How do you know you’re “agile”?
Well, step 1 is that you have to figure out why you want to be “agile” in the first place. And “because it’s kool, man!” or “because everyone’s doin’ it, dude!” aren’t acceptable answers.
Now, if you’re one of the original 17 authors of the Agile Manifesto, you were just looking for a better way of delivering quality software that people wanted. Andy Hunt (one of the 17) describes it this way:
“I think it provided a jolt of energy, hope of a better way of doing things, of creating software and making the world work better.”
And if you go back to the HBR article I mentioned earlier, the origins of Scrum were forged in the heat of trying to deliver consumer products quickly and flexibly in a business environment undergoing a step-change of:
- Intensified competition
- A splintered mass market
- Shortened product lifecycles
- Advances in technology and automation
Meaning, that if the expected lifetime of a $70M consumer product is 18 months, and it’s 3 months late being delivered because of poor planning, then you need to generate a million more in revenue per month than you’d originally planned—and that’s just to break even!
I bet that wasn’t part of your marketing plan, now was it?
So if you’re a security leader, you’re also faced with a dizzying array of changes to your world every day:
- More sophisticated (and freely-available) attacks
- More complexity in your technology environments
- More vulnerabilities due to more products due to the above complexity
- More integration between “internal” business information and systems and the “external” systems that interact with the Internet
- Less control over your environments thanks to cloud
And those changes are driving you to find better solutions. But innovating the way you work is hard. It requires smart people…and it requires giving them time to think about big problems.
But you don’t have time. You’ve got the Great Horde of APTs pounding on your doors and probably already inside your “walls”.
And we get so caught up in the practices and tactics of “best practices” so that we can show we’re doing things “by the book”, we don’t have time to tackle the hard stuff of real change.
Identify a problem. Make a decision. Implement the decision. See what happens. Identify where it didn’t quite work out. Make another decision.
It’s easy to read, but hard to do. It requires you to think. To deal with uncertainty and probably get it wrong.
And that “Identify where it didn’t quite work out” part is what often gets the short straw. Unfortunately…that’s where the magic is of the whole thing.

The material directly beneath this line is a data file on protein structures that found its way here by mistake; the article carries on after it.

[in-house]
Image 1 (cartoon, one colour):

But if we want security to “work better” in Andy’s words, we need to really spend time to figure out what’s not working and be prepared to make some changes. And those changes probably aren’t going to be popular, and they are going to be criticized and ridiculed by “the experts” because, well…
“You’re doing it wrong. Don’t you know ‘Agile’ is doing A, B and C?”
But it isn’t. Those are just tactics.
And far, far, FAR too often, we take the tactics as gospel and miss the point.
Agile is a mindset, and it’s a way of operating so you can respond to change and you can deal with uncertainty.
And, to me, that’s what “security” is supposed to do, right?
Isn’t our job to be able to be resilient and responsive to changes in the environment…to deal with the uncertainty of “what might happen next”…
…so we can give confidence to those we support that, “Hey, things are gonna be OK.”
And mean it—because we believe it ourselves.
It’s easy to confuse tactics with a philosophy, because they’re tangible, and we can see them.
But the tactics will – and should – come and go as the world they’re designed to address changes.
You can teach a chimpanzee…or a dog…or even a cat tactics and techniques. But you can’t teach them a philosophy or a mindset…a way of thinking and being.
Agile is what you are. It’s not what you do.
And what you are is about the value you create.
So if you want to truly create a sense of security and confidence in your organization,
…you’ll want to make sure you don’t miss the August issue of the Security Sanity™ newsletter where I talk about a way to do exactly that.
It’s only on sale for the next 3 weeks or so, and after that, it probably won’t be available again—even if I do decide to someday offer back issues.
This is pretty fundamental stuff, and you can make sure you get your copy here:
But on the 31st at 11:59pm US/Eastern, it’ll be too late.
Andrew S. Townley
Archistry Chief Executive
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Or…you can just keep reading the blog, or ignore me and Archistry all together. I’m good either way.